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Adaptable coyote eats pets, flourishes in New England
Associated Press, 08/17/97 21:45
WAKEFIELD, Mass. (AP) - There are predators here with a taste for household pets.
Able to adapt to life in almost any environment, they record the daily habits of homeowners, waiting for the best time to strike.
One was spotted last month peering from atop a boulder at a poodle chained in a back yard. The poodle's horrified owner called police to report it. Others are blamed for making cats disappear.
``They're so clever, so smart,'' said John Benedetto, a professional trapper who has worked for the state Division of Fisheries and Wildlife. ``A lot of people see them and think they're dogs.''
But they aren't. They're eastern coyotes.
``Coyotes view domestic pets as an alternative food source,'' said Erik Amati, state game biologist. ``In a lot of cases we've seen cats being taken and dogs being attacked and killed.''
One of the worst spates made headlines two years ago when animal control officials in Marshfield blamed coyotes for killing 45 domestic cats in just over a month. Animal control officers say coyotes are to blame for recent reports of vanishing cats in several Boston-area communities.
Bigger than their western cousins, the wild canines started filtering into Massachusetts from Northern New England a quarter century ago. Today wildlife officials estimate as many as 4,000 coyotes are thriving in the Bay State, breeding in every mainland county.
With coats that can be yellow, red, gray or black, the coyote resembles a medium-sized German shepherd with long hair, a narrow snout and straight, bushy tail. It lives in well-hidden burrows, brush piles and sometimes abandoned sheds. Its diet, nearly boundless, includes squirrel, rodents, birds, snakes and even berries and apples.
State wildlife officials are warning pet owners to keep an eye on their animals. A widely distributed poster topped with a drawing of a coyote cautions residents not leave pet food outside and not to feed or approach coyotes.
``They know the people's schedules in the residential areas and when people leave for work, they'll come out at 10 o'clock and forage,'' wildlife biologist Sue Langlois said.
In the countryside, some attack and kill sheep, forcing farmers to kill them. Coyotes have been known to bite humans, but no such encounters have been reported in Massachusetts.
State officials have no accurate estimate of the coyote population, but data taken annually from hunts, trapping and road kills, suggest their numbers are growing steadily, Langlois said.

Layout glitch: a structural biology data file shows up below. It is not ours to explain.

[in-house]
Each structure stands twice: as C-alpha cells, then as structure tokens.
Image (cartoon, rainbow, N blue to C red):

While usually wary, coyotes will lose their inhibitions around humans if they are allowed to, a habit that will be passed on to future generations.
Wildlife officials say they have lost their ability to effectively manage and track the coyote population due to a new law barring leg traps.
Proponents of the ban, approved by voters last year, said the traps were cruel. But game officials and trappers say rubber-lined traps, approved by the Supreme Judicial Court, did the animals no harm.
For now, the only way to control the growing number of coyotes is through an annual hunt or special permits issued in rural areas to shoot problem animals, Langlois said. There is virtually no way to catch coyotes in residential neighborhoods because many towns outlaw or limit discharging firearms, she said.
Today more than 600 leg traps hang from Benedetto's garage wall. He still traps in other states, but in Massachusetts he has traded the metal contraptions for a rifle, which he uses to shoot coyotes caught attacking sheep.
``Not every coyote is a livestock killer,'' he said. ``You want to get the ones that are going after the sheep. They'll all eat it, but only one or two will kill it.''
Benedetto said western coyotes, about two-thirds the size of those in the Northeast, are equally adaptable, making homes in the desert climate of the Mexican border as well as neighborhoods in central Los Angeles.
And Benedetto sees signs of coyotes in his own neighborhood. Near his family truck repair shop, he said coyotes killed a litter of feral cats, leaving behind only their paws.
A month ago, he was called to rescue a 2-month old coyote pup whose parents had been hit by cars. Benedetto said the animal was old enough to make it on its own. After checking it over and giving it a meal and a night's rest, he released it.
``You can't wipe them out,'' he said. ``That's one animal that will never be extinct.''
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